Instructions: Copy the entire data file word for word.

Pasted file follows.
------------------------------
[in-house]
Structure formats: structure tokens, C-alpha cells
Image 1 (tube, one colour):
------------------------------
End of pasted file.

[in-house]
Structure formats: structure tokens, C-alpha cells
Image 1 (tube, one colour):